An open letter, sent to the 2022 Beverly Hills City Council candidates and the Courier, is calling for office-seeking candidates in Beverly Hills to “actively discourage the establishment and support” of Political Action Committees (PACs) in the upcoming City Council election. With the June 2022 election less than a year away, the letter seeks to limit the role of PACs, which do not abide by the city’s limits on campaign spending and contributions. In response to questions from the Courier, multiple candidates vying for one of the three council seats open in 2022 expressed agreement with the letter.
Beverly Hills has unique provisions regulating campaign contributions and spending, which were passed in 2014. Candidates can only accept donations from individuals or organizations of up to $125. This limit rises to $450 if the candidate agrees to spend $80,000 or less. Additionally, for candidates who agree to the spending limit, the city will bear the costs of including their statement of support for their candidacy in the sample ballots mailed out to voters.
But even when candidates commit to reigning in their spending, PACs do not have to abide by the same limits. Political Action Committees are groups that pool together resources to support or oppose candidates, ballot initiatives, or legislation. While they can accept unlimited donations from individuals, groups, and corporations, they are not allowed to coordinate their activities with candidates.
To Peter Ostroff, who sits on the city’s Planning Commission and penned the open letter, this strikes him as an unfair arrangement.
“What’s your commitment to a spending limit worth if you can expressly or impliedly encourage or somehow acquiesce to these contributions?” he told the Courier. “In a small city like this, we have many bright, talented people. We should encourage folks to run for office whether or not they have very wealthy folks who are willing to support them for whatever reason.”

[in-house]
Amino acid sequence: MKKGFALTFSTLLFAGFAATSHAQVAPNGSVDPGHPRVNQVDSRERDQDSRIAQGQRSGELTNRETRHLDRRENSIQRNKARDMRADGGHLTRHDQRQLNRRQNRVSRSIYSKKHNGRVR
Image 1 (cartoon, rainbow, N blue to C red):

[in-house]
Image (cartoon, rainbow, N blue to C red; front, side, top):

As such, the letter requests that “the written commitment to the spending limit submitted by any candidate voluntarily include a statement under oath that the candidate has no knowledge of or information about any actual or potential PAC support and will make it known that he or she does not want and will not accept any such support.”
The 2020 City Council race saw the participation of two PACs, most notably the Beverly Hills United to Support Bosse and Gold for Council 2020. While both Lili Bosse and Julian Gold agreed to the $80,000 spending limit, the PAC supporting them spent an additional $112,500, according to filings with the city. Additionally, candidates who agreed to the limit on expenditures could not accept donations over $450. However, the PAC supporting Bosse and Gold received four-figure donations reaching as high as $9,999.
The Courier reached out to the candidates for City Council for a response to the letter, including Sharona Nazarian, Andy Licht, Mayor Bob Wunderlich, Councilmember Lester Friedman, and Councilmember John Mirisch. Licht did not respond by press time.
“I support the effort to limit the role of money within our electoral system, specifically the role of PACs and dark money to try to influence elections,” Mirisch told the Courier. Mirisch said that he had no awareness of an existing or potential PAC and would reject any support from a PAC.
Mirisch confirmed publicly for the first time his intentions to seek reelection, though he has not yet filed the official paperwork with the city. “The election is in June of next year and there’s still a lot going on,” he said. “It’s not a secret, but I don’t feel a need to make any great grand announcement.”
Friedman told the Courier that he has “no knowledge of any actual or potential PAC support.”
“Additionally, I am not seeking support from any PAC and my campaign will not accept any such support,” he said.
Nazarian responded that she does not “want PAC’s playing a major role in this election.” She said that she was not aware of any existing or potential support from PACs.
Wunderlich told the Courier that he would adhere to the $80,000 voluntary cap on expenditures in the upcoming campaign. “I can only control donations to my campaign committee and will not be seeking donations from PACs to my committee,” he said. “I cannot have any involvement with and do not have any knowledge of independent expenditures.”
Candidates for office in Beverly Hills have voluntarily agreed to limit spending going back at least to the 1990s. In 1994, the eight candidates for City Council made an agreement with the Beverly Hills League of Women Voters to limit campaign spending to no more than $60,000, according to the Los Angeles Times. A similar effort in 1988 to get candidates to agree to a $65,000 limit failed to get traction, the Times reported.